“We believe that this is a place where hockey should be permanently,” Bettman said. “We believe that being a part of this great community is something that enhances our game, and we believe that finally, we’re at a place where we can ensure the future of the Coyotes for the benefit, not just the Coyotes or Coyotes fans, but for this community.

“It’s going to create jobs. … There is everything so right about this project and about this arena and it’s something that obviously the Coyotes need. It’s something that, frankly, I’m having trouble understanding what the downside of it is.”

Challenges for the plan arose when the operating entity of Phoenix Sky Harbor International Airport filed legal action against the city of Tempe.

Former Coyotes captain Shane Doan speaks emphatically about the value of a new arena and entertainment district in Tempe. (Photo by Brooklyn Hall/Cronkite News)

Concerns expressed in the suit include traffic congestion, sports gambling that would take place at the proposed complex and unfair benefits gained from the developers.

“We’re just creating bottlenecks and traffic congestion and neighborhoods in the southeast neighborhoods are really going to suffer from that,” former Tempe City Councilmember Lauren Kuby said at a public discussion about the proposed entertainment district in February.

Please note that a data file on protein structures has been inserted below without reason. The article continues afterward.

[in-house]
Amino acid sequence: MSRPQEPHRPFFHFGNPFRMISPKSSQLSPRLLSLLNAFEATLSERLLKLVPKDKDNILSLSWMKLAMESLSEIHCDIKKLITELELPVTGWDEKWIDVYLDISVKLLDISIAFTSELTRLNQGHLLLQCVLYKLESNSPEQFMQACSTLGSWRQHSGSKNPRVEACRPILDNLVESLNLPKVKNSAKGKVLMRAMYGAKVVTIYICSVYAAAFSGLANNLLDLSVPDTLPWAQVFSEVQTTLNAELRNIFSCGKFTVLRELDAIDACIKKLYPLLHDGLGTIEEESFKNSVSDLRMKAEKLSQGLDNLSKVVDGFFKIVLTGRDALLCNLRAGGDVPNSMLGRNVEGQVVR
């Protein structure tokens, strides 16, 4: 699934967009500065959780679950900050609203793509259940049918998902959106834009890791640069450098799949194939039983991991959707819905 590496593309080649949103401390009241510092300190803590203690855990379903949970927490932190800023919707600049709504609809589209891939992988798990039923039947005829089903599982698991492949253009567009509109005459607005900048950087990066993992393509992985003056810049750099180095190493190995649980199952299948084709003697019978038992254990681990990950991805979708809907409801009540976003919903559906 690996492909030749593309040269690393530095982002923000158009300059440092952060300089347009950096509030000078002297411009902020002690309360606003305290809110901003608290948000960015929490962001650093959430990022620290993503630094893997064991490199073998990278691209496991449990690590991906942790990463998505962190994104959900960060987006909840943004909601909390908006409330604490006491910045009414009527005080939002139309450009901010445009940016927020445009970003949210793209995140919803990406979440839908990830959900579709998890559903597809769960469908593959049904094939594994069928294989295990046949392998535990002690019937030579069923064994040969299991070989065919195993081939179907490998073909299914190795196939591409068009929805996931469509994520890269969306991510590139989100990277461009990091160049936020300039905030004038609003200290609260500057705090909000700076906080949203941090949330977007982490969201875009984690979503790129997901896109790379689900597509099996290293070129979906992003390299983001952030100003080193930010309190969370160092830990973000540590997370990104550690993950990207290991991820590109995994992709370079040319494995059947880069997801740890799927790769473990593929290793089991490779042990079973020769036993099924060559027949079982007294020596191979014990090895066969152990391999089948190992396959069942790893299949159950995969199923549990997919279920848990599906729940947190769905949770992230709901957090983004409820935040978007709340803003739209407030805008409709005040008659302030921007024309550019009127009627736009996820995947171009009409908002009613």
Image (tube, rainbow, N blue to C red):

Unnecessary noise in the area is also an issue raised by critics. The Federal Aviation Administration issued a letter to the Tempe city manager last summer expressing concern about noise-related issues if the entertainment district is to be built.

Phoenix’s aviation department also filed a legal claim against the city of Tempe for the residential development part of the entertainment district due to concerns over the affordability for people living in the city. The Coyotes responded by filing a $2.3 billion lawsuit against the city of Phoenix.

“Well, you certainly have interest in downtown Phoenix that want to stop Tempe from growing,” former Tempe Mayor Hugh Hallman said. “We’ve seen that for 35 years. And we’ve seen the airport used to try to achieve that end. Enough. Enough bullying.”